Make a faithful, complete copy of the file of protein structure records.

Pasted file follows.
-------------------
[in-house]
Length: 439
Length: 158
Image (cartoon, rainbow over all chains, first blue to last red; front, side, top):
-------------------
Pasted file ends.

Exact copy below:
[in-house]
Length: 439
Length: 158
Image (cartoon, rainbow over all chains, first blue to last red; front, side, top):